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A paid-for TikTok post for soup company Take Stock Foods, seen on 7 May 2022, featured a man drinking from a mug. Superimposed text stated “Drinking my daily bone broth from Take Stock because it cures my Acne”.


The complainant challenged whether the claim “it cures my Acne” stated or implied that a food prevented, treated or cured human disease, which was prohibited by the Code.


Take Stock Foods Ltd said the video was part of a series where they asked consumers to make videos stating their reasons for consuming the featured product. They confirmed that the video had been removed from TikTok and other advertising platforms, and that they were no longer working with the agency that produced the campaign. They had started an internal project to review the CAP Code and CAP Guidance to ensure future compliance.



The CAP Code prohibited claims that stated or implied that a food could prevent, treat or cure human disease.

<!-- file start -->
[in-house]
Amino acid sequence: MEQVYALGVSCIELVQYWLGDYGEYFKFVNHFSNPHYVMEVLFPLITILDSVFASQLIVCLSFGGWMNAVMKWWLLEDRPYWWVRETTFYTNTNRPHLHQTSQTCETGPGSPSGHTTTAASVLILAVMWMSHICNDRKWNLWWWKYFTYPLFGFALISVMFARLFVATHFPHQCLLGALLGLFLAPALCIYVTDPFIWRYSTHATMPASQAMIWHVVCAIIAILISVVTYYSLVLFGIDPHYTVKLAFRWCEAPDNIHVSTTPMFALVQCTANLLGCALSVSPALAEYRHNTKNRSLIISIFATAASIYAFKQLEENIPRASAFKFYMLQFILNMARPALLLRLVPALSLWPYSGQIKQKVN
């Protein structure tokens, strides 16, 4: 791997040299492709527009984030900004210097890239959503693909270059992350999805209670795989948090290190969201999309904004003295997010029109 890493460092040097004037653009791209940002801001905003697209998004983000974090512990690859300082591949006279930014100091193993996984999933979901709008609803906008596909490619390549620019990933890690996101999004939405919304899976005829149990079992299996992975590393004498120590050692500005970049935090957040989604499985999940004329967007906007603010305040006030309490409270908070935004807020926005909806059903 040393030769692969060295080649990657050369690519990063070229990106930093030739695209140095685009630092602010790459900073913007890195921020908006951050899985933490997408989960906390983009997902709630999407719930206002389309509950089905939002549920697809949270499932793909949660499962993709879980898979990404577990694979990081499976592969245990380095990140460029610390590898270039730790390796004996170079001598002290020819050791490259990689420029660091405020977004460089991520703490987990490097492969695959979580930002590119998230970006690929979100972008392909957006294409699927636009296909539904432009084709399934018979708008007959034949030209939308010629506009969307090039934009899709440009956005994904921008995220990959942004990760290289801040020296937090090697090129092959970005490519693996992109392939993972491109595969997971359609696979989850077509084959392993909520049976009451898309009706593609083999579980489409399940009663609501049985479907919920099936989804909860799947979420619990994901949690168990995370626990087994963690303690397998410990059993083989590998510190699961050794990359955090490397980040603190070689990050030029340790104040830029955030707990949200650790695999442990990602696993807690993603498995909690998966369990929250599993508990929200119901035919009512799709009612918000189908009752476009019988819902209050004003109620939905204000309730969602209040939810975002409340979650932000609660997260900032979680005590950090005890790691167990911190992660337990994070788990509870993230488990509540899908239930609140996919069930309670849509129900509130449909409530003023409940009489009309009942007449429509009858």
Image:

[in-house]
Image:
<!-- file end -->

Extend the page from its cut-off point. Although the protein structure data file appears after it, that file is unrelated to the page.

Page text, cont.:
The ASA considered that consumers would understand the claim “it cures my Acne” to mean that the soup could treat or cure acne. While we welcomed Take Stock Foods’ assurance that the ad had been removed, because at the time the ad appeared it had made a claim that a food could prevent, treat or cure disease, we therefore concluded that it breached the Code.

The ad breached CAP Code (Edition 12) rules  15.6 15.6 These are not acceptable in marketing communications for products within the remit of this section:  and  15.6.2 15.6.2 Claims that state or imply a food prevents, treats or cures human disease. Reduction-of disease-risk claims are acceptable if authorised on the applicable register.  (Food, food supplements and associated health or nutrition claims).


The ad must not appear again in the form complained of. We told Take Stock Foods Ltd not to state or imply that their food products could prevent, treat or cure human disease.

CAP Code (Edition 12)

15.6     15.6.2    

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